ARCHIVED – Speaking notes for The Honourable Jason Kenney, P.C., M.P. Minister of Citizenship, Immigration and Multiculturalism

At a News Conference Regarding Residence Fraud
Montreal, Quebec, December 9, 2011

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Good day and welcome. Earlier this fall, I celebrated my third anniversary as Minister of Citizenship, Immigration and Multiculturalism.

One of the great privileges of being in this job for a few years has been the opportunity to attend a fair number of Citizenship ceremonies across the country, and to meet and speak with many new Canadians in their first proud moments as citizens.

For those of us fortunate enough to have been born here, it’s sometimes too easy to take for granted the incalculable benefits that Canadian citizenship bestows upon its holders.

But I can tell you – as someone who attends quite a few more Citizenship Ceremonies than do most people - I have never met a single newcomer to Canada who fails to appreciate how precious and how meaningful it is to be a citizen of this free, democratic and diverse country.

Courageous, dedicated, and hard-working people come from all over the world to Canada. They make enormous personal and family sacrifices to obtain citizenship and to earn the opportunity to contribute to our society and our economy.

At the same time, Canadians receive new citizens with unsurpassed generosity. In proportion to our population, we welcome more newcomers than almost every other country in the world.

But that generosity is sometimes tested – and the value of Canadian citizenship can be debased – by those who try to put a price on being a citizen.

Canadian citizenship is not for sale.

Because it is so valuable, we need to guard against unscrupulous individuals who try to make a dishonest buck by skirting the rules and by helping others to lie and cheat their way into becoming citizens.

Crooked immigration consultants make money by helping permanent residents pretend to be residing in Canada while they in fact live abroad most, if not all, of the time.

They carry out this deception so that individuals with no intention of ever establishing roots in Canada can maintain their permanent residence status, and later apply for citizenship, fraudulently obtaining all of the significant benefits that Canadian citizenship confers.

Make no mistake:  There is ill-gotten money to be made in residence fraud. A family of five may pay upwards of $25,000 over four or more years to maintain the illusion of residence in Canada.

The Government of Canada takes the issue of fraud in immigration and citizenship very seriously, and we are continuing to take measures to pro-actively tackle the problem.

To do so, we will apply the full strength of Canadian law. Where evidence permits, we will seek the revocation of permanent residence status or citizenship - and in some cases the deportation - of anyone perpetrating such fraud.

Today, I am announcing that my department is now investigating more than 6,500 individuals from more than 100 countries for attempting to cheat Canada and Canadians.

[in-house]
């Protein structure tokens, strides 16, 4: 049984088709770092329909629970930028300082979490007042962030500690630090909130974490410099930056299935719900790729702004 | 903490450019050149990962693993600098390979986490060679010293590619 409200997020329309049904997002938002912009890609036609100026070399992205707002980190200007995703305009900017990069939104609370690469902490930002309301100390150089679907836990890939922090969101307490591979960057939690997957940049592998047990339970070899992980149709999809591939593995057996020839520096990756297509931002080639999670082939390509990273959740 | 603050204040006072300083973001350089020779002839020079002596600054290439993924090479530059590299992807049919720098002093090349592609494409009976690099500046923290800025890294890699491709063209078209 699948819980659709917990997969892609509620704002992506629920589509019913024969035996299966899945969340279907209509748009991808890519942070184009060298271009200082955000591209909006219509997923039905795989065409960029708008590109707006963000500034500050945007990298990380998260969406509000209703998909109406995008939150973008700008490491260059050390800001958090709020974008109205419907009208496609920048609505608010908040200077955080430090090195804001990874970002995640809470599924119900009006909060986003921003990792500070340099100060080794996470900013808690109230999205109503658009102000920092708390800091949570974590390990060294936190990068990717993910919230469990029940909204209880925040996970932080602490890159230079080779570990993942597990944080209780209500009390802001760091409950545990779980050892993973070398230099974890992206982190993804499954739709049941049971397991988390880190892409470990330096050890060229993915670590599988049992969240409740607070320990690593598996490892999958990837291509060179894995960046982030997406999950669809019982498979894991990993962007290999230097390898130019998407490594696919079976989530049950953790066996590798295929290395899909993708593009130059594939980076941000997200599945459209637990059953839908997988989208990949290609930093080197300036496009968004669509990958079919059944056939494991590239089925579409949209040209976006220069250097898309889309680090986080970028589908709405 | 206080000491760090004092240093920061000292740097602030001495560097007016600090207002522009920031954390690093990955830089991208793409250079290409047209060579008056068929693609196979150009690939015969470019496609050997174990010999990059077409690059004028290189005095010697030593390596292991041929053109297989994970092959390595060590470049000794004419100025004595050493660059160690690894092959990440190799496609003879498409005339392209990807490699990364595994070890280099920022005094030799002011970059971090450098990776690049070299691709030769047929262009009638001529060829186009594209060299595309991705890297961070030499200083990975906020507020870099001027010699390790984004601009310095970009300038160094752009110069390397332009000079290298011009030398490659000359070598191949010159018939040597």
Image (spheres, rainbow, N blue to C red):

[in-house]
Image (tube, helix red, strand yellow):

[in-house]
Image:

This includes 2,100 people who have already obtained citizenship and 4,400 who have permanent residence status and may be in the process of applying for citizenship.

To date, of the 4,400 permanent residents who have been flagged, nearly 1,400 people have withdrawn or abandoned their citizenship application because of new scrutiny.

Our message is clear: If you want to become a Canadian citizen, you have to play by our rules. You have to respect our country. And you have to be honest. Canadian citizenship is not for sale.

My department is working with the Canada Border Services Agency, the Royal Canadian Mounted Police, and Canadian offices abroad to prevent those who are suspected of cheating our system.

The Government of Canada continues to take action against the activities of those unscrupulous consultants who facilitate residence fraud. Bill C-35 – introduced as the Cracking Down on Crooked Consultants Act – received Royal Assent this past summer and has been in force for more than five months.

The Act imposes penalties on unauthorized representatives who provide, or offer to provide, advice or representation for a fee at any stage of an immigration application or proceeding.

I also encourage anyone who has information regarding citizenship fraud to report it to Citizenship and Immigration Canada’s citizenship fraud tip line at 1-888-242-2100.

Tips may also be reported via email to Citizenship-fraud-tips@cic.gc.ca.

Other types of immigration fraud should be reported to the CBSA. Details are included in the news release accompanying this announcement.

Over the course of my time as Minister of Citizenship, Immigration and Multiculturalism, I have met thousands of honest, hard-working immigrants to Canada.

To a person, they understand that Canadian citizenship is not a false flag of convenience to be waved whenever it serves one’s best interests.

Citizenship is priceless.

It is at the heart of our identity as Canadians.

It is something that generations of newcomers to this country have strived and have sacrificed to attain.

Protecting the value of Canadian citizenship is a core responsibility of the Government of Canada.

The Government will continue to take action against those who seek to demean that value.

I welcome any questions you may have.

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